The Journal Gazette
Thursday, July 11, 2019 1:00 am

Officers 'never forgotten'

Cyclists make stop on annual statewide ride honoring fallen

Alaina Stellwagen | The Journal Gazette

Cops Cycling for Survivors participants are carrying the memory of fallen police officers – literally.

Several cyclists had pictures of fallen officers taped to their backs when they arrived in Fort Wayne on Wednesday.

The foundation is a 1,000-mile annual bike ride through Indiana that raises funds and awareness for the sacrifices of law enforcement families. Along the way, the cyclist crew stops at memorials and cemeteries to honor fallen officers, like Eryk Heck.

Heck, 27, an Allen County sheriff's deputy, died in 1997 after being shot while investigating a burglary on the city's northwest side.

His mother, Gerri Matheny, was among the crowd who greeted the cyclists at the Law Enforcement/Firefighters Memorial on Wells Street.

“This is beautiful; it's such a tribute to these guys,” Matheny said. “It's all we can do for them.”

Each of the cyclists read an officer's ODMP, or Officer Down Memorial Page. Most people in the crowd had lost a police officer in their family.

“The motivation is to perpetuate the mission statement: never forgotten,” said Master Trooper Kevin Getz, a detective with the Indiana State Police who is one of the cyclists. “We will never forget the survivors and the officers who made the ultimate sacrifice for the state.”

Susan Matteson-Thomas, who coordinates the group's Fort Wayne stop, lost her husband, Bradley Matteson, 43, in 2000. He was killed while returning from a call when a semi ran a red light and crashed into his police cruiser.

Matteson-Thomas has been involved in Cops Cycling for Survivors for 17 years and has seen it grow.

“I used to cook all of the lunch, but at that time it was a much smaller group,” she said. “So it has certainly evolved, and this is just awesome.”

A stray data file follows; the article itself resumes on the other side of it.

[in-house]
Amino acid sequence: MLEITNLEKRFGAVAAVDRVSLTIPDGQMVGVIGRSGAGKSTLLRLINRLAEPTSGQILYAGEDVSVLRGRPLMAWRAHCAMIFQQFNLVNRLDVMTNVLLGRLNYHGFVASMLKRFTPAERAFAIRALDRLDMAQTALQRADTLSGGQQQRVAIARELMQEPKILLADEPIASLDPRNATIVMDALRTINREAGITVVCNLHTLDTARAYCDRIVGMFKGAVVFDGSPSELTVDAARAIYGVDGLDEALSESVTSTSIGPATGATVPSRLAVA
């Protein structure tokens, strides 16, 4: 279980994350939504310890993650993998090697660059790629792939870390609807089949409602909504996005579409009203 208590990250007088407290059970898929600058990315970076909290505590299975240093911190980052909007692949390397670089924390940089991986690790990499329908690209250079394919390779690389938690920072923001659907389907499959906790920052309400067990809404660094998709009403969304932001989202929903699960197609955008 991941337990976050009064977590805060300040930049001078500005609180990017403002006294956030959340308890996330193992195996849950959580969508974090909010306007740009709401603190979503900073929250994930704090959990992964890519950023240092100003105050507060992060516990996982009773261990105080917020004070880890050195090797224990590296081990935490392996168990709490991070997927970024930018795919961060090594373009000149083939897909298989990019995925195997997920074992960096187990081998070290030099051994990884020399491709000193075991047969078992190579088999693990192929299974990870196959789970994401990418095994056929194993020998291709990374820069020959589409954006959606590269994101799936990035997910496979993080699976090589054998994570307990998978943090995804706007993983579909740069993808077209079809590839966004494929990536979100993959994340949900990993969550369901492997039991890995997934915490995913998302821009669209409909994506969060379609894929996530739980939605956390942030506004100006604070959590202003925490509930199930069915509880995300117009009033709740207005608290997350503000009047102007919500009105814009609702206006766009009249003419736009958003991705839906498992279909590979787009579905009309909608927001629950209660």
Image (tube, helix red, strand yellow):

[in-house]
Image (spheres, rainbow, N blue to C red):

Cops Cycling for Survivors is in its 18th year, and several cyclists have been participating since the beginning.

John Heath, a retired Allen County officer who served 21 years, is in his 10th year.

“I just want to do something for the survivors,” Heath said. “It brings all of us cyclers great joy when we're able to comfort them a little bit. Every day brings something good.”

Heath rides with his daughter, Holly Heath, along with 24 others. Most are law enforcement officers, but survivors, family members and friends are welcome to cycle.

The cycling cops began their journey Monday in Indianapolis and will finish the trek there July 20. Heath said the group averages 80 miles a day, starting at 7 a.m. each day.

They're escorted by four motorcycles and two state vehicles. As in Fort Wayne, local police often provide escorts through their cities.

Patrolman James Arnold was on bike patrol in the downtown area.

“I'm here as a representative of the Fort Wayne Police Department, but we're also here to honor friends and officers who have given their lives,” Arnold said.

At every memorial and cemetery stop, the cyclists plant a small flag in the ground to leave their mark.

This year's honored officers include Fort Wayne Police Officer David Tinsley, Sgt. Edward Ronald Bollman of the Indiana Department of Natural Resources and Boone County Sheriff's Deputy Jacob Matthew Pickett.

Tinsley, 50, chased and helped track down a burglary suspect on Fort Wayne's south side but collapsed on the way back to his car in September. He died at a hospital.

Bollman, 44, drowned while trying to rescue a friend in a pond at Camp Kikthawenund in Madison County in February 2018. The two were ice fishing when the friend suffered a heart attack and fell in the water.

Pickett, 34, died after being shot while trying to apprehend a wanted subject in Lebanon in March 2018. The man had fled from Lebanon police officers who had gone to his home to serve a warrant on a different person.

Getz also recounted last year in Vermillion County when they found a surviving family member of an officer killed in the late 1800s.

“I guarantee you, the officer had since been forgotten except for maybe a few here and there,” Getz said. “We were able to meet with the survivor and make that oath that we will never forget.”

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